The Great Resignation may lead companies to offer employees financial wellness benefits
American workers are financially stressed and employers are starting to listen.
Whether it is a response to the Covid-19 pandemic, the threat of losing employees during the Great Resignation or something else that has long been brewing, there has been an uptick in financial wellness benefits being offered by companies, recent surveys have found.
This year, 46% of employers in Bank of America's Workplace Benefits Report said they are offering the programs, compared to 40% in 2020. The financial firm surveyed a national sample of 1,363 full-time employees.
Meanwhile, a survey by the Society of Human Resource Management and Morgan Stanley at Work found that 26% of human resource professionals said they added benefits or expanded existing benefits to help employees manage their financial stress since the start of Covid-19.
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That still leaves almost three-quarters that did not. Yet a majority of employees want the benefits, SHRM and Morgan Stanley found. The survey was conducted in June, and included 1,205 human resource professionals, 1,000 working Americans and 1,000 unemployed Americans.
The perks in question include financial coaching, student loan assistance, emergency savings help and financial planning, in addition to more traditional benefits such as 401(k) retirement savings plans.
Offering these benefits could be key in recruiting and keeping employees at a time when many workers say they want to quit their jobs. A separate survey by the SHRM found that 52% of workers are considering such a move.
"Thinking about it from a human-resources objective — I want to be able to attract talent, retain talent, allow people to bring their fullest selves [and] increase productivity," said Krystal Barker, head of financial wellness at New York-based Morgan Stanley at Work, which assists companies with their financial wellness programs.
"Financial wellness has the ability to do all of the above."
For instance, one large manufacturing company that works with Morgan Stanley at Work was facing a lot of competition for its mid-level executives and was concerned about losing employees. The company put together a financial wellness package that included individual financial planning.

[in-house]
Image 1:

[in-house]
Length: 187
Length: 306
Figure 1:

"Financial wellness was a nice-to-have benefit," Barker said. "It is now becoming evident this is a need-to-have benefit."
That's what officials at health-care provider Northwell Health realized back in 2018, said Diana Grubard, the company's director of benefits. And it is something that is helping the firm stand out during the current Great Resignation. The financial wellness benefits for Northwell Health's 77,000 employees rolled out earlier this year, after being delayed by the pandemic.
"Our consistent long-term focus on well-being allows us to differentiate ourselves in this environment," Grubard said. "It is what we use to attract and retain our talent."
Northwell Health, which recently made headlines when it fired 1,400 unvaccinated workers, provides digital education like videos or articles, financial webinars and financial planning, which allows employees to meet individually with professionals.
The benefits are clear and outweigh any costs the program incurs, Grubard said.
"Think about how you feel when you're financially stressed and how that leads to anxiety, depression, weight gain and underlying medical conditions, which leads to increased absenteeism and less productivity," she said.
"We need our employees to be at the bedside," she added. "We need them to provide the best care to our patients and the community."
It's a win-win.Annamaria Lusardiprofessor at George Washington University School of Business
The data supports that view.
Workers with high financial stress are twice as likely to use sick time when they are not ill, with 48% of stressed workers using sick time versus 24% of non-stressed workers, a Lockton Retirement Services survey of 613 people across the nation found.
Then there is the time spent during work hours dealing with personal money matters. Workers with low financial literacy spend six hours per week at work, on average, dealing with financial issues compared to one hour per week among those with high financial literacy, the 2021 TIAA Institute-GFLEC Personal Finance Index found.
If you multiply the time spent at work dealing with financial issues by the wage, businesses will see the value of providing financial education, said Annamaria Lusardi, a professor at George Washington University School of Business and the founder and academic director of GWSB's Global Financial Literacy Excellence Center.
"It's a win-win," she said.
To create a robust financial wellness program, employers need to take a holistic approach that includes not only retirement savings but also help building emergency savings, managing debt and financial education, among others, she said.
"A good program starts with building blocks," noted Lusardi, a member of the CNBC Invest in You Financial Wellness Council.
For instance, 40% of non-retired adults do not have non-retirement savings sufficient to cover one month of living expenses, the TIAA Institute-GFLEC Personal Finance Index found.
To be sure, financial stress and anxiety were around long before the Covid-19 pandemic. A 2018 study by the Financial Industry Regulatory Authority's Investor Education Foundation, its most recent, found that 53% of Americans said their finances makes them anxious and 44% feel that discussing their finances is stressful. The pandemic exacerbated that for many, especially women and people of color.
"After a pandemic, we need to take even better care of our finances," Lusardi said. "Most of us have really suffered through this pandemic."
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